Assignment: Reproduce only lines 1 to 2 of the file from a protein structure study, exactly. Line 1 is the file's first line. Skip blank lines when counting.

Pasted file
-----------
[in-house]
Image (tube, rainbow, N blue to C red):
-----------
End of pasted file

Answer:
[in-house]
Image (tube, rainbow, N blue to C red):